That’s all, folks. The second primary contest of the 2020 election — New Hampshire — is now in the books.
As predicted by the polls, radical socialist U.S. Senator Bernie Sanders (D-VT) has won the state’s Democratic primary according to multiple outlets, albeit with a smaller than anticipated margin in yet another nail-biting contest.
Former South Bend mayor Pete Buttigieg gave Bernie a run for his money and finished in a very close second place, riding a wave of momentum from his partial victory in last week’s chaotic Iowa caucus, where he managed a razor-thin margin in the delegate count with Bernie clearly winning the popular vote.
Bernie looks to be pulling in about 26% of the New Hampshire vote, with Pete at 24%.
Meanwhile, bringing up the rear are Senator Elizabeth Warren (D-MA) and former Vice President Joe Biden, neither of whom are expected to receive any delegates and do not appear likely to even break 10% of the vote.
Joe notably did not attend his own New Hampshire “watch party” and bolted for South Carolina in the afternoon, desperately leaning into his mythical “firewall” of minority voters as his once-invincible campaign rapidly collapses.
In a big surprise, coming in a very solid third place around 20% is Senator Amy Klobuchar (D-MN), with a performance several points stronger than her final polling average.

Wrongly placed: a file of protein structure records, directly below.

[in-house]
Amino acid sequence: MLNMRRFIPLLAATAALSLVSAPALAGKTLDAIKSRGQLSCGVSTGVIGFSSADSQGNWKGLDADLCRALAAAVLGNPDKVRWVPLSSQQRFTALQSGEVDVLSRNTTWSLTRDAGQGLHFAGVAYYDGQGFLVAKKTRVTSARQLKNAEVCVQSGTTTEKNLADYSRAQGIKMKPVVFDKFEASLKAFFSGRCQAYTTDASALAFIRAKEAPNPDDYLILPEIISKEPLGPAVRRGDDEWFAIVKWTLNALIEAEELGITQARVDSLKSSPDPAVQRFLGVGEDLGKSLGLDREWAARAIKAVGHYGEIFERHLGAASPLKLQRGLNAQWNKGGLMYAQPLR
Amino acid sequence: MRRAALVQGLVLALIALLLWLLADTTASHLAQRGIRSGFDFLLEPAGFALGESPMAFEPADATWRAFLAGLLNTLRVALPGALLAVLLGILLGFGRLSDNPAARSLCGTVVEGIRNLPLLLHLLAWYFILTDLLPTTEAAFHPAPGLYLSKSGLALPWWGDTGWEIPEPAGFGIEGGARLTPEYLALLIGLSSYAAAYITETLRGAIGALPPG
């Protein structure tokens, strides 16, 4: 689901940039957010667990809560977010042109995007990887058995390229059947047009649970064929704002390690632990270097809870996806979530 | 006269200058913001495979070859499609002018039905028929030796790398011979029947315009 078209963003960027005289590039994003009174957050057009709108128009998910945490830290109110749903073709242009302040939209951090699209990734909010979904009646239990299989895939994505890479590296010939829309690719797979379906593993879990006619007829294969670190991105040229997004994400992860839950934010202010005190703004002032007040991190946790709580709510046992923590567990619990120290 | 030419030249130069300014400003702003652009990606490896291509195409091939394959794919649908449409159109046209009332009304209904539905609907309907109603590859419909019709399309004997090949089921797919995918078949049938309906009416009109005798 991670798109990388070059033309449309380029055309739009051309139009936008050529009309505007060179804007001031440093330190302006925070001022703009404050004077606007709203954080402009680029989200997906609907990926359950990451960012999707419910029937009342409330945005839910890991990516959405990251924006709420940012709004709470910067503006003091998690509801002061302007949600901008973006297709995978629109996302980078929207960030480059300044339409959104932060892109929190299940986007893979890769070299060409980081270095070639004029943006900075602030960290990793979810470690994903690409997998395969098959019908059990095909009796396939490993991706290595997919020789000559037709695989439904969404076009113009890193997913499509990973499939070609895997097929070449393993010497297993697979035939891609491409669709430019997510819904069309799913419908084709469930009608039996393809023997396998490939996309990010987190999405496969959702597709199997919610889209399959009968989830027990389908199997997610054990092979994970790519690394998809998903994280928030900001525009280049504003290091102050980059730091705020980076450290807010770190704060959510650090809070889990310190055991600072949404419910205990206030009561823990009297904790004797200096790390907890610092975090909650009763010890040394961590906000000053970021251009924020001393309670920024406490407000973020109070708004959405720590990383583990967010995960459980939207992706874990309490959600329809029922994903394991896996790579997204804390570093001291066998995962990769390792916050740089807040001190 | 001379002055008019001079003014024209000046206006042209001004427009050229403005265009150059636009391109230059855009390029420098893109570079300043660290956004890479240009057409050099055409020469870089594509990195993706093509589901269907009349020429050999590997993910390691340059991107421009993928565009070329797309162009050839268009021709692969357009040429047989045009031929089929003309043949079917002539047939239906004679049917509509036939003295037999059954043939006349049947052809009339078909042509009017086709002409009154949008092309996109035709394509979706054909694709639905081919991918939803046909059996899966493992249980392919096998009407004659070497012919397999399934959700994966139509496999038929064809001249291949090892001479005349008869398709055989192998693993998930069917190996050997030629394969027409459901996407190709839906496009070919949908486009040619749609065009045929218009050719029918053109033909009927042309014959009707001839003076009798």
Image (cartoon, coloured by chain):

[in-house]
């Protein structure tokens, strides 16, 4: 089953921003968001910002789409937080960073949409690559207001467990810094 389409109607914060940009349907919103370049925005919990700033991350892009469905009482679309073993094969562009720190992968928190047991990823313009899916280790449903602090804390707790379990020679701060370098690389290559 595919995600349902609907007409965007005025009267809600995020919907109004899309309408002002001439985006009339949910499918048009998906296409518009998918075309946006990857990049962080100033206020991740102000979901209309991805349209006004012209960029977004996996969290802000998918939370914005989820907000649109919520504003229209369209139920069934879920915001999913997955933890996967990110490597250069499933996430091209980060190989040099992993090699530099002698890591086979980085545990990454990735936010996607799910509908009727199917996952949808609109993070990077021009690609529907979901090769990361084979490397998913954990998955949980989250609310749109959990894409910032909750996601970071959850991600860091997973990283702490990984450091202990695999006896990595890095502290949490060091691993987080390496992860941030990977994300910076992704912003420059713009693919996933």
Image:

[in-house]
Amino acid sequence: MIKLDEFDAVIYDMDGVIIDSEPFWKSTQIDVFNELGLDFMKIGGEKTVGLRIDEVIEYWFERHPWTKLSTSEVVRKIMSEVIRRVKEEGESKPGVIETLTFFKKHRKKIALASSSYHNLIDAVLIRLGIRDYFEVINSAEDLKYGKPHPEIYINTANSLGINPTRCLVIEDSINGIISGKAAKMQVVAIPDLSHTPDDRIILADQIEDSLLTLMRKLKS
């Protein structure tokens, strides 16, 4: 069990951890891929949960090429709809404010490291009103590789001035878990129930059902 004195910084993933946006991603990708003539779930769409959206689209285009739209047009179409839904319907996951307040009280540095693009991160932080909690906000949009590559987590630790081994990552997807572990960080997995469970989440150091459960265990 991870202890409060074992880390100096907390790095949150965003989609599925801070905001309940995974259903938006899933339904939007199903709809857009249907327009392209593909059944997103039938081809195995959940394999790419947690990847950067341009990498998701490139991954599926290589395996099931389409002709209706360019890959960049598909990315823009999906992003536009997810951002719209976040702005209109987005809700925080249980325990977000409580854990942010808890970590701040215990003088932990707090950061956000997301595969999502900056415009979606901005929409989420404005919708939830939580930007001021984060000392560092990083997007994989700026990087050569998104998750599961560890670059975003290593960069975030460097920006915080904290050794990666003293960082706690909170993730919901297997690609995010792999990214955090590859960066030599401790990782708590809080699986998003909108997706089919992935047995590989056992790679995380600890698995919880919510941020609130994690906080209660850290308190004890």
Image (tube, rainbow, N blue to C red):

There had been indications of a possible Klobucharge within the past few days, as she surged in New Hampshire to low double digits coinciding with Joe Biden’s precipitous free fall. But her finish tonight unquestionably exceeded even the most optimistic expectations, and we have yet to see if it will breathe new life into her campaign elsewhere.
On the Republican side, President Donald Trump won 86% of the vote over “runner-up” Bill Weld at 9%.
Next up on the calendar — for February 22 — is the Nevada caucus. There has been a major lack of Nevada polling in recent weeks, not to mention that caucuses are incredibly difficult to predict overall. So until we get more data, anything is possible.
But for now, it looks like Democrat voters are feeling the Bern. The DNC, we can assume, is not amused.